The absence of a Friday edition of the Vanguard last week was caused in part by hackers, who apparently attempted to hijack the Student Publications server Thursday afternoon.
Around 3 p.m., the Student Publications’ password-controlled server went down, shutting off access to the computer networks of the Vanguard newsroom, the Rearguard, the Portland Spectator, the Graphic Design Center and The Portland Review.
“They were trying to brute force us, most likely,” said Christopher Johansson, system administrator for Student Publications. “Nowadays, [the most likely reasons for server hijacking is] storage for porn or illegal software, but mostly porn. Or to run Denial of Service attacks.”
Using servers illegally to store files is a way to avoid paying bandwidth fees for space, Johansson said. He explained that a Denial of Service attack is when thousands of computers are hacked and targeted to one web site, like Google or Microsoft, to overwhelm the system, disrupting service.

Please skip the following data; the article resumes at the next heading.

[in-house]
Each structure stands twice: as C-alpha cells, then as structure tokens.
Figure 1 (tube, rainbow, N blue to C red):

Around 6:30 p.m. Vanguard editor-in-chief Christian Gaston decided to suspend publication of the Friday edition.
“It wasn’t clear when the server would be back online that evening,” Gaston said. “And the majority of our advertising files were unavailable.”
Gaston estimated the revenue loss of the suspended Friday edition at under $1,000.
Gaston said this is the first time in recent memory that the Vanguard had suspended publication while the University was open.
Johansson said yesterday that the server had recorded illegal activity since at least April 24 and that it was probably the same person using different internet protocol (IP) addresses rerouted through different proxy servers in Romania and Japan.
Figuring out exactly what happened is difficult though, Johansson said. The server had no available memory during the failure and was unable to create log files of the event.
Gaston said a police report had been filed, and that the Vanguard would pursue legal action against the offenders if found.
“Everything right now is fully operational,” Johansson said. “Nothing was destroyed or deleted. And we have now increased security a lot.”